Just after 1pm, everyone gathered in the conference breakout area, spilling into the outside terrace so that they could enjoy the glorious weather. Chosen photographer, Rick Guidotti floated around with charm, capturing moments as people casually chatted with one another, laughed and spoke about what they’d learnt so far. A light lunch was served followed by soft drinks and copious amounts of tea and coffee much to everyone’s delight! 

There was a lot to get through, so once lunch had finished we made our way swiftly back to the conference room for the afternoon sessions which included Dr Alanna Bree (emotional and spiritual wellbeing of children with vitiligo), Dr Lisa Schuster (The Psychosocial impact of vitiligo) and the community forum which I had the pleasure of being part of. The panel session, moderated by Lee Thomas and Erika Page from Living Dappled, was a great way for the panel and audience to openly share their experiences. 

One of the most controversial topics often discussed is whether vitiligo is considered a disease of skin condition. Many feel offended by the term disease because it suggests that vitiligo is contagious and it just sounds like a rather ‘harsh’ way to refer to vitiligo, but after much discussion around individual preference we had to accept that how vitiligo is defined is down to one very important factor; funding. In the US, in order to receive funding for research and ultimately a cure, vitiligo needs to be referred to as a disease. By not calling vitiligo a disease would mean there would be no financial backing by the government or healthcare system. Also discussed was the effects of bullying and our thoughts on camouflage makeup, whilst Erika shared how she finally plucked up the courage to clear her shelf full of fake tan bottles and live a life without daily application of self tan. The session, which lasted just over an hour was incredibly interactive and engaging and revealed some really interesting points around the many themes surrounding vitiligo.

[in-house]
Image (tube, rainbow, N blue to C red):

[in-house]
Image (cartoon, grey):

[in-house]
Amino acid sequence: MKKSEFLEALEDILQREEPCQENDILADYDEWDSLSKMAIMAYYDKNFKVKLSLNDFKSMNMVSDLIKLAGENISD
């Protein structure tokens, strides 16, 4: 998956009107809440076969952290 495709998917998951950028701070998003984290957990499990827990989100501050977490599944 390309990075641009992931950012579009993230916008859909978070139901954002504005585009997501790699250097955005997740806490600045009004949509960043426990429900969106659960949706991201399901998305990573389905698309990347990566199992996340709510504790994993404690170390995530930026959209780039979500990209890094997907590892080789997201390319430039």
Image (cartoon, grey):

Probably one of the most touching moments during the entire weekend was the moving story shared by Vivian, a lovely lady who had attended the event as her first association with others with vitiligo. She had developed her first patch just under 12 months prior and most surprisingly she was a women in her eighties, which is a very rare age in which to develop the condition.  She had never been to a global conference before yet she gracefully opened her heart and shared her touching story about how it felt seeing that very first patch appear and how it made her feel. She truly touched everyone’s hearts especially when she mentioned how relieved and empowered she felt being around so many positive and open people who she now shared something in common with. She received a standing ovation for her bravery to share and it ended up being a poignant moment that represented the strength of ‘togetherness’ throughout the entire weekend.